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U.S. military goes on the renewable energy offensive

Mike McGrail · June 7th, 2012

Under orders from President Harry Truman in 1948, the Army, Navy, Air Force and Marines started a fundamental shift in American society by ending racial segregation well ahead of most civilian institutions.

A generation later, the military is at the forefront of another seismic social movement.

The U.S. military is one of the world’s top supporters of renewable energy. “Drill baby drill” isn’t hacking it among the military minds pondering the services’ long-term future. They see a basic weakness in relying on offshore energy resources. The military is funding some of the most basic renewable energy research going on in the world today, from solar to biofuels. The Air Force alone plans $7 billion in biofuel projects over the next decade. All branches of the military areĀ  adding solar and wind power generating capacity on their land and buildings.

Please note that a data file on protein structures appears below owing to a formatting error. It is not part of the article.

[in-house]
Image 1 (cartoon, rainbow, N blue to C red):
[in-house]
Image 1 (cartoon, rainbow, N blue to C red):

In other words, they’re way ahead of the civilian world on just about every level.

There has been a fair amount written about this development, but this piece is the most cogent and succinct assessment of the military’s importance that I’ve read. It’s by Nicole Lederer, a co-founder of national environmental and economic policy organization Environmental Entrepreneurs.

In a fairly short pieces, Lederer puts the military’s efforts in a broader context and lays out the issues that cut across military and civilian boundaries. Check it out and weigh in. Do you think the military’s renewable energy programs will nudge the civilian world ahead?

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